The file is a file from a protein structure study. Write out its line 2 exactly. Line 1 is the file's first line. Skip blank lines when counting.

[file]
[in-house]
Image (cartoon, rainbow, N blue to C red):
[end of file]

Image (cartoon, rainbow, N blue to C red):